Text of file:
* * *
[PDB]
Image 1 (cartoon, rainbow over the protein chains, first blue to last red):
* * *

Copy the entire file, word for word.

[PDB]
Image 1 (cartoon, rainbow over the protein chains, first blue to last red):